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5 December 2013 11:26 am ,
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An animal rights group known as the Nonhuman Rights Project filed lawsuits in three New York courts this week in an...
Researchers have been hot on the trail of the elusive Denisovans, a type of ancient human known only by their DNA and...
Thousands of scientists in the Russian Academy of Sciences (RAS) are about to lose their jobs as a result of the...
Dyslexia, a learning disability that hinders reading, hasn't been associated with deficits in vision, hearing, or...
Exotic, elusive, and dangerous, snakes have fascinated humankind for millennia. They can be hard to find, yet their...
Researchers have sequenced and analyzed the first two snake genomes, which represent two evolutionary extremes. The...
Snake venoms are remarkably complex mixtures that can stun or kill prey within minutes. But more and more researchers...
At age 30, Dutch biologist Freek Vonk has built up a respectable career as a snake scientist. But in his home country,...
- 5 December 2013 11:26 am , Vol. 342 , #6163
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Getting Ahead With Double Genes
10 November 2000 7:00 pm
After trolling through sequence data for nine very different organisms, scientists have discovered that genes are copied far more frequently than previously thought. The study, published in the 10 November issue of Science, suggests that some duplicate genes play a key role in the evolution of new traits and in speciation.
Most evolutionary biologists believe that genomes grow and diversify by gene duplication. The idea is that when genes are accidentally copied twice, the "extra" copies can take on a new function, for instance by turning on at a different time in development or in a different tissue. Yet until recently, researchers didn't have much to back up this theory.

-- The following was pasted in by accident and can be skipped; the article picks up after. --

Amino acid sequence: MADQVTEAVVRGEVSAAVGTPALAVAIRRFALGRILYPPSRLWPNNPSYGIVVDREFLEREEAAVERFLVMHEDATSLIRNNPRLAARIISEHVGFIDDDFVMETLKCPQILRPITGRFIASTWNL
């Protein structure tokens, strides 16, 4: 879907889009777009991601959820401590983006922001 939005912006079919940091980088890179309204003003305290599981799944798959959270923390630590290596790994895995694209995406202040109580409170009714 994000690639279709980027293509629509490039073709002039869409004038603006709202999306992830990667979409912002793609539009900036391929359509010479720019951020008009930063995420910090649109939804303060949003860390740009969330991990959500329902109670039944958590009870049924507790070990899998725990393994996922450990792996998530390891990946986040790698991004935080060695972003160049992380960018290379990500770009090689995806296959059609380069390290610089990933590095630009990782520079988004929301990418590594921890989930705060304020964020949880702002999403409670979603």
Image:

A rich source for evidence, evolutionary biologist Michael Lynch and computer scientist John Conery of the University of Oregon, Eugene, realized, is the recent flurry of genome sequencing data. The duo used a computer program to find duplicate genes in the genomes of the fruit fly, yeast, and nematode, and among all the protein-coding sequences available for the mouse, chicken, human, rice, and the plant Arabidopsis thaliana.
The two found an "astronomical rate of gene duplication," says Sally Otto, an evolutionary biologist at the University of British Columbia in Vancouver, Canada. In fact, duplications occur as often as single-base changes within genes, which have long been considered the primary means by which genomes evolve. "Gene duplications are so frequent that we really need to take them into account as an important source of genetic variation," says Andreas Wagner, an evolutionary biologist at the University of New Mexico, Albuquerque, and the Santa Fe Institute.
Several researchers question how Lynch came up with his pool of duplicate genes and worry about some of the resulting estimates. Manyuan Long, an evolutionary biologist at the University of Chicago, thinks that Lynch's analysis doesn't adequately take into account long-lived gene copies, many of which also exist in these genomes. Nevertheless, the report is "a very nice example of how the creative analyses of genomic databases can provide valuable but previously inaccessible information about evolution," says Loren Rieseberg, an evolutionary biologist at Indiana University, Bloomington.